Do I have an ulterior motive in writing you about honey today?  Well, the Swine flu has been on my mind, of course, and I’ve been studying alternative uses to aid in the spread and ill effects of Swine flu.  It’s interesting to discover that there is a unique honey called Manuka honey that is made from the flowers of the Manuka bush in New Zealand.  This particular honey has been researched and is believed to have a special component which helps fight “super bugs” which are resistant to many types of antibiotics.  While I’m not suggesting that you all spend hordes of money on the internet to obtain Manuka honey, I am suggesting to incorporate honey into your food storage supplies because of its tasty adaptation in any recipe that calls for sugar as well as the safe medicinal effects it has on the body. 

One caveat here.  As a general rule, honey should not be fed to a child under the age of one year old.  Their immune systems aren’t able to handle the pores inherent in honey and could contract botulism.  However, beyond that you will find honey to be an effective laxative, stomach ache cure, and aiding against colic as well.

Here are some medicinal honey recipes:

  • Stomach Ache: Mix one teaspoon of honey, juice of ½ lemon with a hot glass of water.  Due to it’s diuretic effect, it’s better to use this method first thing in the morning.
  • Coughs and Colds: Mix 6 oz. liquid honey, 2 oz. glycerin with juice of 2 lemons.  Bottle and seal firmly.  Use as necessary.  You can’t “overdose” on this particular cough medicine.
  • Sore Throats: Allow 1 teaspoon of honey melt in the back of the mouth and trickle down the throat.  This will ease inflamed, raw tissues.
  • Insomnia: Honey helps in nervous disorders including insomnia and acts as a tonic in recovery of any damage to the human nervous system.  Mix one teaspoon of honey in a cup of luke-warm water.  Drink before going to bed.  Obviously, it’s a lot less expensive and safer than Tylenol PM.

Copyright 2009 Preparedness Pro & Kellene Bishop.  All rights reserved.  You are welcome to repost this information so long as it is credited to Preparedness Pro & Kellene Bishop.

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bottling-butterBy Kellene Bishop

June 12, 2007.  That was a day I experienced a moment of euphoria as a concern of mine had just been satisfied completely.  That was the day I discovered you could bottle butter.  It was a very, very happy day for me, until I began doing research on it.  There were an abundance of comments surfacing on the internet stating that bottling butter simply wasn’t safe because it was “impossible” to get rid of any botulism.  My joy was squashed.  But after speaking to many lifetime emergency preparedness folks who swore that bottling butter was just fine, I decided to do more research on the matter.  The good news is I’ve decided to fully embrace bottling butter.  The thought of butter on my homemade wheat bread, even in the midst of a crisis, is just too enticing to pass up.  So here’s how I’ve come up with my rationale for bottling butter in spite of what some information on the internet has said.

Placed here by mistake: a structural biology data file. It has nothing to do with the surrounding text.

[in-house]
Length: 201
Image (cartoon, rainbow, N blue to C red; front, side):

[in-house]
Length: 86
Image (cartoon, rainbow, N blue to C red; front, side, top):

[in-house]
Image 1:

1)      History: I interviewed no less than TWENTY individuals who have been bottling butter and using it without any instances of illness or food poisoning.  Most of these individuals have been bottling butter for longer than a decade.  The key is to use clean and sanitized jars and lids as well as to bring the butter up to the boiling point. (Instructions follow)

2)      The Source of the Bottled Butter Controversy: The bottom line is that oxygen and bacteria are the primary culprits in the deterioration of foods.  Just as fire can’t live without oxygen, bacteria doesn’t do so well without it either.  The bottling butter process eliminates oxygen from the butter.  However, nothing—not the canning of any item—can  be certain to  “kill” botulism.  You simply need to make sure that you do not provide a source for botulism in the first place.

Botulism is a muscle-paralyzing disease caused by a toxin made by a bacterium, Clostridium botulinum.  Such bacteria are commonly found in soil.  Butter is not a substance harvested from soil.  Additionally, instances of botulism have been mostly eradicated in the U.S.  Each year, the CDC records roughly 25 cases of food borne botulism poisoning.  Most of the findings originate in some fermented whale and other traditional foods prepared by Alaska natives.  There has not been a case of commercially prepared foods containing botulism since the early 1970s.  (Click here for a link of warning)

I have found that the majority of those who state that bottling butter is dangerous are relying primarily on a report issued by the USDA as linked for you above.  In other words, the primary entity stating NOT to bottle your own butter is the Department of Agriculture.  While I may sound a bit like a rebel, I don’t give that much stock.  After all, the FDA, Surgeons General, etc., have made a whole lot of big mistakes over the years such as “smoking IS NOT hazardous”, “Laetrile will not help with cancer”, “Ephedrine is perfectly safe”, just to name a few.  I’ve found that a great deal of “government studies” always tend to benefit the person who’s paying for the study.  Clearly it would not be financially beneficial to the commercial dairy manufacturers if folks were bottling their own butter.